Concrete pavement that has been properly designed and constructed can last for decades. To guarantee it reaches its full service life–with optimal rideability throughout each year of its existence–agencies should develop a preventative maintenance plan.
Regularly performing small repairs at regular intervals will save time, money, and effort in the long run. By accurately recognizing what types of issues will be revealed during these inspections, agencies can create efficient repair protocols.
Full-depth repair is a common pavement renewal preservation strategy used by state agencies, municipalities and other owners to address defects at joints and cracks. This method restores deteriorated areas of concrete, improves rideability, deters further degradation and minimizes foreign object damage potential.
Effective full-depth repairs require proper planning and construction techniques. These include conducting a comprehensive field survey, coring/sounding methods, as well as FWD load deflection studies.
These data can be used to accurately assess the extent of pavement deterioration beneath the surface and pinpoint repairs that are necessary. Furthermore, this process helps determine if additional maintenance or reconstruction work is required.
When a full-depth repair is necessary, experienced personnel conduct an exhaustive field survey using coring and sounding techniques to accurately identify the extent of deterioration. Once identified, a full-depth saw cut is made at the repair boundaries for accurate placement of materials.
After the full-depth saw cut is made, longitudinal tie bars are drilled and installed to maintain continuity with the existing concrete. Finally, the excavation is filled with fresh concrete.
Full-depth repair may be required for low to high severity blowups and corner breaks, medium to high severity D-cracking, punch-outs, localized distresses, construction joint distresses, joint deterioration, spalling, reactive aggregate cracking and deterioration adjacent to existing repairs.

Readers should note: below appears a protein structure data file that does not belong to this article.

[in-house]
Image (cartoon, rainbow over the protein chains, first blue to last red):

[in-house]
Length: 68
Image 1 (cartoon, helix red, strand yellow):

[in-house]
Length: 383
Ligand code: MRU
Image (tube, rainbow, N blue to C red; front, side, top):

Distresses such as these often lead to significant pavement deterioration and have an adverse effect on rideability, safety and structural integrity. Therefore, they must be remedied in order to extend the service life of concrete pavement.
This type of repair necessitates an experienced crew, the right equipment and efficient construction techniques. It’s time-consuming so careful planning is key to avoid premature failure or other issues. Nonetheless, this repair method has proven popular for many concrete pavements due to its reliability and effectiveness.
Partial-depth repair is a concrete pavement repair technique used to address localized areas of pavement distress. It restores ride ability, prevents further deterioration, minimizes foreign object damage potential and provides proper edges so joints can be successfully resealed.
Repairs involve excavating an area of deteriorated concrete that only extends up to one-third of a slab thickness and replacing it with appropriate repair materials. Depending on the type of repair material and where the repair is being made, a new joint sealant system may need to be applied as well.